Cave Diving, Cave Exploration and Cave Mapping in Yucatan, Mexico
Casa Cenote Mexico with Patrick Widmann, Allie Kaspersetz and Katie

Ek Be: Cave Exploration with No End in Sight

Last week we returned to Ek Be for more cave exploration in Mexico. We decided to leave the west end for some time and focus more and more on the east end, trying to push it north and south.
At this point it was clear we needed one scooter per diver as the distance to the end of the line got bigger and bigger. The main issue though using a dpv is the restrictions and tight places that force us to stop and swim the dpv over and over again. Especially right after passing Cenote Ek Be, there is a restriction where the shroud of the scooter literally scrapes the ceiling and the bottom if you find the right place to pass.


But so far we continue to be lucky laying in average 2000ft+ per day. It is really an amazing place to dive as I hardly know any cave that is so intensely decorated. We need to move super slow and carefully to avoid damaging the cave. We cruise around at an average depth of 3ft and often end up in a dry cave and have to search for ways around it in very smallish cave. But its full of leads everywhere and often I feel like swimming through a sub level park garage in a huge supermarket. Using a compass while laying line is crucial in order not to swim in circles. The X1 dive computer is an incredible asset for this application.

Every once in a while we stumble upon massive flow riffles that are timeless indicators of the amount of water that used to run through these passages. It is a surreal and amazing trip though time.

Two days ago we did a double stage scooter dive with a two hour time laps between divers. The only way to pass the restrictions is to clip one stage between the legs while super-manning both the other stage as well as the scooter. Its a slow and painful process but beats the heck out of swimming for hours =)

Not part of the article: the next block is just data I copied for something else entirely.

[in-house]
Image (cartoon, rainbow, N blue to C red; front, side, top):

The end of the line used to be 7000ft in, which took a bit more then an hour to travel. Once there two team members managed to lay together 2800ft of new line, not only adding this amount to the system but making important steps towards a connection with another system further north. The dives took a bit more then 4hours to complete but both explorers came to the surface with huge smiles, which were only slightly diminished by the thought of carrying 8 tanks and 2 scooter back out of the jungle.

Lastly yesterday an important discovery was made, a Cenote close to the end of line, a new starting point that would, at least for some time, save us the stages and dpvs and brought us to an arms reach close to a possible connection. Of course there is a little draw back, the Cenote is about 500mtrs away of anything that remotely resembles a road. So now we have to find it on land using our survey data and a GPS, then cutting a new 500mtr trail and start hauling our gear there for the first dives…We just can’t wait!!!

We will keep you posted!


1 Warrior Dash { 06.14.11 at 8:13 pm }

WOoh! That’s a long distance.

2 Jason { 09.27.11 at 8:26 pm }

Cool, another ‘brecha’ to open! I’m back guys, let’s do it! :)) I fully recovered from the Ek Be machete riot…

3 Scuba Diver { 10.03.11 at 12:40 am }

I envy you so much. I just started diving, so I really look forward to go diving there, too.

4 Jan Murtomaa { 11.02.11 at 1:29 pm }

Hi there!
My name is Jan Murtomaa and I am a radioproducer/sound engineer. I did a pretty elaborate radio documentary about the legendary, German cave diver Jochen Hasenmayer. I interviewed him, a colleague composed a music piece for the whole show, I mixed it with UW sounds I recorded under the ice in the Northern parts of Greenland. The show is only in Icelandic yet but I am currently working on the English version of it. f you are interested in maybe posting it on your website, the show can be found here:

All the very best from Iceland